The only thing you really need to know about roasting chicken is to pick the best bird. Look for a "roaster",  a chicken that weighs in around 5 to 7 pounds; larger than a broiler or fryer, that weighs in less than 6 pounds (usually between 3 and 4). The older the chicken, the more flavor it will have, and the firmer its meat is likely to be. Look for free range chickens that have spent most of their lives outside pecking and scratching bugs, grass and kitchen scraps in the sun. I won't detail the horrors that chickens suffer on conventional farms. (If you are reading this, you probably already know). Just remember that all chickens are not raised the same. Without getting too detailed, if you're not buying directly from a farmer at market, look for chickens labeled "Certified Humane Organic." These free range birds are also higher in Omega-3's and CLA and lower in cholesterol.

This fall, I keep going back to the things I know like this trusty roast chicken and my grandmother's wisdom ...  "Keep it simple: as simple as possible, but no simpler," she once told me (and she told Einstein that, as well).

ROAST CHICKEN
Serves 4 to 6

1 big roasting chicken, about 5 to 7 pounds
3 to 4 tablespoons softened butter
coarse salt and freshly ground black pepper
bunch of parsley
several sprigs fresh thyme
1 onion thickly sliced
3 to 4 whole carrots
2 ribs celery
4 to 5 cloves garlic, peeled
1/2 cup wine or water

Preheat the oven to 400 degrees F. Rinse the chicken thoroughly then pat dry. Rub the butter all over the chicken and work some under the skin of the breast. Season with salt and pepper. Stuff the cavity of the chicken with the parsley and thyme. Put the onion, carrots, celery and garlic in a roasting pan and set the chicken on top. Roast the chicken for 30 minutes, then reduce the heat to 350 degrees F and continue roasting until the thickest part of the thigh reaches 160 degrees on an instant read thermometer, about 1-1/2 to 2 hours. 

Remove the chicken and allow to rest. Discard the vegetables and herbs.  Pour the wine into the roasting pan and set on top of the stove. Scrape up any of the brown bits sticking to the bottom of the pan. Cook until the juices and the wine form a thick sauce.

Carve the chicken and serve drizzled with the pan juices.









October 4, 2012

An Honest Bowl of Soup

Lake Country Land School Photo
by Andy Gaertner

A Good Day for Soup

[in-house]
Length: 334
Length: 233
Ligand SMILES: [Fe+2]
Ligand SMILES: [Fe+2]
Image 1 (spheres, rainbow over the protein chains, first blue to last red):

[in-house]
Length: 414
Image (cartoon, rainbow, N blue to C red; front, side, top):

After the debates did you feel beat up, discouraged, let down? Did you pull the covers way over your head like me? Or is it the weather I'm huddling from?  This nasty election is racing towards us, the first in a series of winter storms, none of them kind. 

If the best defense is a good offense, then a big bowl of steaming squash soup is just the thing to fend off the demons. Spicy, comforting, goddamned honest, homemade soup from homegrown pumpkins and an onion or two. I start with stock made from vegetable scraps and roast a sweet pie pumpkin that's just out of the fields. These look like mini-Jack-O-Lanterns, but they are denser and tastier and the shells make a pretty little bowl you can serve the soup in. Any old squash -- butternut, acorn, turban, delicata -- will do. Right now, they're all especially tasty because they're so fresh. The skins are tender, they cook quickly and their flavors are sweet and true. This recipe is flexible and open to interpretation. If you're not fond of curry then season the soup with cinnamon, nutmeg and cardamon, or give it a Mexican twist with chile and cumin. It is easily doubled and can be frozen for later; best to have extra for when the election is over and we are calf-deep in snow.

Curried Pumpkin Soup
Serves 4 to 6

1 tablespoon vegetable oil
1 onion, finely chopped
1 celery stalk with leaves, finely chopped
2 to 3 tablespoons curry good quality curry powder, or more to taste
3 cups vegetable stock
1 sweet pie pumpkin, peeled, seeded and cut into 1-inch chunks
½ cup coconut milk
1/2 cup fresh apple cider
Salt and freshly ground black pepper to taste
Chopped scallions and cilantro

            In a deep heavy soup pot, warm the oil and cook the onion and celery until very soft, about 3 to 4 minutes. Stir in the curry powder and cook for 30 seconds to 1 minute. Stir in the stock and bring to a boil, reduce the heat to a simmer and add the squash and cook until the squash is tender, about 15 to 20 minutes. Whisk in the coconut milk, cider and salt and pepper, to taste. Serve garnished with chopped scallions and cilantro.